Valeria Paunetto was torn between two identities when her family came to Wichita from Puerto Rico six years ago.
“I was at a crossroads where I had to ask myself if I wanted to assimilate and play the game — to not be myself and be who others wanted me to be. Would I be a cookie-cutter American, or would I stand with my identity as a proud Latina woman?” Paunetto said.
She chose the latter and makes sure people know she’s Puerto Rican wherever she goes. So when Paunetto started looking for a college, she wanted to find a campus with students who looked like her. She said she found that at Wichita State University.
“I walk around campus with pride as a Latina woman, because I’m just like anyone else,” she said. “I can do anything they can do, and they can do what I’ve accomplished, as well.”
Paunetto, a first-year student at the university, is not alone. Over the past decade, Wichita State’s Hispanic student enrollment has skyrocketed. If trends continue, it could lead to the school becoming the first state university in Kansas to be designated as a Hispanic Serving Institution.
More funds as Hispanic Serving Institution
Bobby Gandu, Wichita State’s assistant vice president for strategic enrollment management, said the university expects to pass 15% Hispanic enrollment sometime in the next year.
Reaching 15% will be a significant step in Wichita State’s long-term goal to reach 25% Hispanic student enrollment. That’s when it would gain a designation as a Hispanic Serving Institution. The classification, similar to the Historically Black Colleges and Universities designation, would allow Wichita State to apply for millions of dollars in federal grants. The university could then use those dollars to expand and support academic opportunities for Hispanic students.
Reflecting changing state demographics, four higher education institutions in Kansas — Donnelly College and Dodge City, Garden City and Seward County community colleges — have reached Hispanic Serving Institution status. But no public university in the state has yet reached that benchmark.
Gandu said Wichita State has focused on Hispanic communities around the state and region by having enrollment materials, programming and events in Spanish. The school also sends bilingual staff to talk with prospective students.
“Our overall pitch about Wichita State is its affordability, which is quite valuable for all students, but it resonates particularly with our Hispanic families, especially if they’re first-generation or from low-income backgrounds,” Gandu said.
Retaining Hispanic students at Wichita State
Research shows Hispanic students and other underserved students leave higher education at disproportionate rates, said Heba Madi, retention coordinator for Wichita State’s Office of Diversity and Inclusion.
“Students of color do have what you might call the typical obstacles of higher ed in academics and finances and things like that, but then there are additional obstacles that then affect their academics, finances and the sense of community,” she said.
Hispanic students are more likely to be first-generation students or from low-income backgrounds, leading to more difficulties navigating financial aid or picking the right classes to graduate on time, Madi said.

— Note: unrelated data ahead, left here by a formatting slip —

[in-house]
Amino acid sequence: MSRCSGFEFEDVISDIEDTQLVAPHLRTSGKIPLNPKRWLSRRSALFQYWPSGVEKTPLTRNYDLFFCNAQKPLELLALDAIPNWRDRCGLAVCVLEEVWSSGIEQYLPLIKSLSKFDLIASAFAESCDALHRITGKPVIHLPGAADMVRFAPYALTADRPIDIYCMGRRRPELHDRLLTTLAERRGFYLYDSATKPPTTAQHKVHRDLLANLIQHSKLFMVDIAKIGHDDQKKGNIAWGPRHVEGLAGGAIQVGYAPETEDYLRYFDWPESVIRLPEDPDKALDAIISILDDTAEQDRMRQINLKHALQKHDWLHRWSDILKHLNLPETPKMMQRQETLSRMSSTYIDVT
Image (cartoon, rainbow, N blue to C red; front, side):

At Wichita State, multicultural student organizations like Sigma Lambda Beta and university-sponsored groups like Adelante Scholars — a new scholarship group for underrepresented students — help Hispanic students find structure in their college experiences, Madi said. That leads to better retention rates.
Retention efforts have also included targeted mentorship and first-year courses, which provide a better foundation for Hispanic students and other minorities to build on throughout their college careers.
Hispanic students’ deber
During Wichita State’s Latine Heritage Month Celebration on Sept. 15, Josue Uriarte and other members of Sigma Lambda Beta were fundraising by selling elote — or corn in a cup with Mexican cheese and spices. A piñata was hanging on a tree behind them and aguas frescas, churros and quesadillas were being dished around them outside Rhatigan Student Center.
It’s small things like the elote that help campus feel like home for Hispanic students and bring broader awareness and acceptance of Hispanic culture, Uriarte said.
“We bring a lot of food,” Uriarte joked. “But we bring our culture. We show who we are, and I think it’s easier to do that at a college campus. People are more willing to explore and try new things, like elote or paletas.”
Building an inclusive culture and educating others on diversity isn’t Hispanic students’ job, said Armando Minjarez, coordinator of student diversity programs for the university’s Office of Diversity and Inclusion.
“But just by being here, they’re providing people different perspectives in how they see and understand the world,” he said. “And that’s important, right? To have a community that’s thriving, welcoming and inclusive.”
To Paunetto, being a Latina college student is about demonstrating campus pride in her culture and also a deber, or a debt, owed to the communities they come from and the students who will follow in their footsteps.
“It’s a responsibility with our families, to show that we’re not like society tells us we are,” Paunetto said. “We are a lot better than those stereotypes or microaggressions, and we can do better than what they’re telling us. We can do anything.”
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